But when I think of those plays in which our William anticipated modern dramatic art by making serious attempts to hold the mirror up to nature—All’s Well, Measure for Measure, Troilus and Cressida and so on—I must limit the tribute to Shakespeare’s popular style. Rosalind is not a complete human being: she is simply an extension into five acts of the most affectionate, fortunate, delightful five minutes in the life of a charming woman. And all the other figures in the play are cognate impostures. Orlando, Adam, Jacques, Touchstone, the banished Duke and the rest play each the same tune all through. This is not human nature or dramatic character: it is juvenile lead, first old man, heavy lead, heavy father, principal comedian and leading lady, transfigured by magical word-music. The Shakespearolators who are taken in by it do not know drama in the classical sense from “drama” in the technical Adelphi sense. You have only to compare Orlando and Rosalind [As You Like It] with Bertram and Helena [All’s Well That Ends Well], the Duke and Touchstone [As You Like It again] with Leontes and Autolycus [The Winter’s Tale], to learn the difference from Shakespeare himself. Therefore I cannot judge from Miss Rehan’s enchanting Rosalind whether she is a great Shakespearean actress or not: there is even a sense in which I cannot tell whether she can act at all or not.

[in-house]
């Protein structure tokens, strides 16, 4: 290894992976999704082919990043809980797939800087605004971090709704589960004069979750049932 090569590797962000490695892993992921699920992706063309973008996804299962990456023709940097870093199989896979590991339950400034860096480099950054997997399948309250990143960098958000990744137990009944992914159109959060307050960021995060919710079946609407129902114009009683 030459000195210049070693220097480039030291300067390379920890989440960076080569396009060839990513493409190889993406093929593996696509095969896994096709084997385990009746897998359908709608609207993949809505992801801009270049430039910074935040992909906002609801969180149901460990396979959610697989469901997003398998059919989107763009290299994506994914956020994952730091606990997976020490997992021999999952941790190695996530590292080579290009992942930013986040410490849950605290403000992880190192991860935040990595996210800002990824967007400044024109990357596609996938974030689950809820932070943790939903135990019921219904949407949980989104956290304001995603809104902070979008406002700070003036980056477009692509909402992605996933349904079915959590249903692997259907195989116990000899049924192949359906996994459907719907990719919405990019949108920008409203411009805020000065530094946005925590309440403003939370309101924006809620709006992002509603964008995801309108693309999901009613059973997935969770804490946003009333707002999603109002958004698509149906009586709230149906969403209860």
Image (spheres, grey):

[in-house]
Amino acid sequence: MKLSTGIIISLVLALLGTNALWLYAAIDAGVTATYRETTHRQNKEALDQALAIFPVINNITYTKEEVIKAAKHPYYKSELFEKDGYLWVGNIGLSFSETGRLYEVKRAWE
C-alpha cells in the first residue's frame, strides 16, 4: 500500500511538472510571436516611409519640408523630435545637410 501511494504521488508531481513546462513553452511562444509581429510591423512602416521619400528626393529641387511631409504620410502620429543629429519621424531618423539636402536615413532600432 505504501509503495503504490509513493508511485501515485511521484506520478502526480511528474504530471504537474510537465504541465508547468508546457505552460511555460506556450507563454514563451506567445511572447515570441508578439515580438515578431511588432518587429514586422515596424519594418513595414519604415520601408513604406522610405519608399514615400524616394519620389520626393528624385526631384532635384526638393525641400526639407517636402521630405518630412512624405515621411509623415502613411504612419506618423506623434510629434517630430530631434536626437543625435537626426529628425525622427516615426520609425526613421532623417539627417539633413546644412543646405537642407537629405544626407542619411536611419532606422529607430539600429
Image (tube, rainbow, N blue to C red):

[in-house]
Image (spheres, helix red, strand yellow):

Yesterday, I was listening to an interview with Stephen Sondheim about Sweeney Todd, and he talked about how for over a hundred years, the title character was just this evil man. It wasn’t until 1970 when the British playwright Christopher Bond took the character and provided him with motivation. In other words, he turned it into a revenge play. The revenge play was around in Shakespeare’s time, of course. That’s what Titus Andronicus is, after all. But Shakespeare’s plays do an especially bad job of providing motivation for female characters, who are basically just four types: passive youth, quick witted youth, whore, and old hag. And as much as I love the dialog that Shakespeare wrote for Beatrice, once in love, she is not much different than Hero.